TENNESSEE~ A man is arrested in Henry County for (alleged) severe domestic violence. Ash storage at  TVA’s coal power plant in Cumberland City has raised some red flags. Unemployment figures dip below the national average. Governor Bredesen cites drought in requesting federal disaster relief.

Making Kentucky Proud

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. . . at least that’s what I hope I’m doing here. I believe that I’m the only representative from the Bluegrass State attending the conference.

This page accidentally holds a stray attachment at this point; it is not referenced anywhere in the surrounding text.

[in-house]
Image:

The biofuels discussion went by in a rush. To give an explanation in one sentence, it’s a complicated issue. Since corn ethanol has been studied more than anything else, that was the main topic discussed. One concern economists and scientists are looking at is that the federal tax incentives for biofuel production are set to expire December 31 this year. The question is, if the incentives aren’t renewed, will standards go down? I’ll have more from the biofuel discussion later.

The session on Immigrant Labor is beginning soon.  Watch it here.

Written by Angela Hatton

October 12, 2010 at 1:54 pm